The main focus of this paper is to study the types of planetary wave observed in the stratosphere and mesosphere during the Arctic winter between 1 October 2003 and 30 April 2004 and the vertical coupling of the stratosphere-mesosphere system through the quasi-stationary and traveling planetary waves before and during the major SSW that occurred in December/January. Three intrinsically different types of data are used for this study. One is daily global synoptic analyses for the stratosphere made by UKMO, which incorporate satellite and in situ observations. The second is satellite data from SABER for the entire middle atmosphere. They have three limitations: (1) latitudinal coverage is limited, particularly in high northern latitudes during midwinter, (2) local time sampling is slow so there is some contamination of the analyzed waves by nonmigrating tides in the MLT region, and (3) the basic data need to be converted from temperature and geopotential to horizontal winds. However, the SABER measurements extend up into the MLT and are therefore valuable for determining stationary waves in the upper part of the middle atmosphere. The third type of data is horizontal wind measurements from eight ground-based radars; their distribution is four at high latitudes (63–69°N, Table 1) and the other four at midlatitudes (52–55°N, Table 2). The three different types of data require different analyses, as described in this paper.
 The first step was to search for planetary waves in the UKMO stratosphere data using a two-dimensional analogue of the Lomb-Scargle periodogram method based on least-squares fitting procedure; waves with periods between 5 and 30 days and zonal wave numbers up to 3 were studied. The analysis indicated that four prevailing periods are present in spectra for all zonal wave numbers of both eastward and westward traveling waves (Figures 2a and 2b). These periods are ∼30, 22–24, 15–17, and 11–12 days. It was shown also that there are usually two latitudinal amplifications of these periods in the zonal wind spectra centered near ∼50–60°N and ∼20–30°N, while those in the meridional wind are strong at high latitudes. It is worth noting that in most cases the eastward peaks were stronger than westward ones and that this is quite unusual for the winter dynamics of the NH.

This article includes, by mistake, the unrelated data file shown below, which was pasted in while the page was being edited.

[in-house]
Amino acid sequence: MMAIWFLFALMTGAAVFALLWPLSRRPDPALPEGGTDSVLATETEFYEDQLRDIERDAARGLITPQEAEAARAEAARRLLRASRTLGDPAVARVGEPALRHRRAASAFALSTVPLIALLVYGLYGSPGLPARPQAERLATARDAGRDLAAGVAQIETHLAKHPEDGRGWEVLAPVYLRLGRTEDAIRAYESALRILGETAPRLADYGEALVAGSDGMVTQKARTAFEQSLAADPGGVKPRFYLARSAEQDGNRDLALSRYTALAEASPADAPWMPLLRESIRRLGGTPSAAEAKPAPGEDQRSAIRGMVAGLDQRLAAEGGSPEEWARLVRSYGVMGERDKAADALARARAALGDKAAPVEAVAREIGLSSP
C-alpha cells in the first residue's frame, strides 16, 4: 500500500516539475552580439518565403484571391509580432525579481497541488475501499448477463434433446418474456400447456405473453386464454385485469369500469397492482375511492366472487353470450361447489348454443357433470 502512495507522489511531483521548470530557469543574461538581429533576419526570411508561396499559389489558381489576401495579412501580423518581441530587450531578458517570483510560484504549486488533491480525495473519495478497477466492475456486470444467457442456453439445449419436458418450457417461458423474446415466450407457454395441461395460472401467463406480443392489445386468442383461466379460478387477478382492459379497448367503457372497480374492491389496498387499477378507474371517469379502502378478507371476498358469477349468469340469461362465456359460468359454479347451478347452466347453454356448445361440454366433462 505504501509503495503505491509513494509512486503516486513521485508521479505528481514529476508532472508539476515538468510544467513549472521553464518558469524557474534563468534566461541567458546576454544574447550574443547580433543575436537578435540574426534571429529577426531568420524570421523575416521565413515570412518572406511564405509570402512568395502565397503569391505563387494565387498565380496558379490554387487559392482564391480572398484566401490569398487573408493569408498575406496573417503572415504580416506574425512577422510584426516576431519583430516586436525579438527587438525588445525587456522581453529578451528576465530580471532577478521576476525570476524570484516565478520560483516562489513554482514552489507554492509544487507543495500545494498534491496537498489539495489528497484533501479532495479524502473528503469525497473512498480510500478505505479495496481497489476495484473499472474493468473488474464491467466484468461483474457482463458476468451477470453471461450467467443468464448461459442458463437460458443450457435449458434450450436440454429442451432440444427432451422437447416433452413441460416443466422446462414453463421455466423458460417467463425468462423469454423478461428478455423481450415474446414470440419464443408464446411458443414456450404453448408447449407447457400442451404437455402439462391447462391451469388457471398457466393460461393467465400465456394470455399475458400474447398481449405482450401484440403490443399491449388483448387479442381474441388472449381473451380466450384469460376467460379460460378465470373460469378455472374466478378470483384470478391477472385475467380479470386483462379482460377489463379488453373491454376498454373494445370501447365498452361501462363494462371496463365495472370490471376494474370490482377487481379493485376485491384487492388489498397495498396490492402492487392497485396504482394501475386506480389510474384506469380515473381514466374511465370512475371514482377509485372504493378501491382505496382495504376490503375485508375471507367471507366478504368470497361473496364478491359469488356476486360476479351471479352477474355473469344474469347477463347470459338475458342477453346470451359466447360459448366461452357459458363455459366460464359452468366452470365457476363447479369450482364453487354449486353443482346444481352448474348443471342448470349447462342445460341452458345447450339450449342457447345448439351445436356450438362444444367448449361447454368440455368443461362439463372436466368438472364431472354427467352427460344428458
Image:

The next step in our analysis was to extract from the UKMO zonal and meridional winds all waves with zonal wave numbers up to 3 that were either stationary or were traveling and had periods identified by the spectral analysis (except ∼30 days). Only the characteristics of SPW1 and SPW2 were shown in this study (Figures 3 and 4) because SPW3 was significantly weaker than the first two modes (in both zonal and meridional wind). The wave patterns of SPW1 and SPW2 in the zonal wind were similar to those in the meridional wind. SPW1 had two maxima during the winter; the first centered at days 60–70 and the second near days 130–140. The first amplification played a key role in generating the major SSW, while the second one was seen mainly in the upper stratosphere (above 10 hPa pressure level) and was related to the rapid recovery of the upper stratosphere after the onset of the major SSW. The SABER satellite data were analysed as well in order to extract the zonal and meridional wind SPW1 and SPW2 in the stratosphere and mesosphere. The comparison between the UKMO and the SABER SPWs indicated a high degree of similarity (not shown in this study) supporting the correctness of the horizontal wind calculation procedure.